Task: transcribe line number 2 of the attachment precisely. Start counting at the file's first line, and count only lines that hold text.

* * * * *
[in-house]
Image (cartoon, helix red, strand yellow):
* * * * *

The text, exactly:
Image (cartoon, helix red, strand yellow):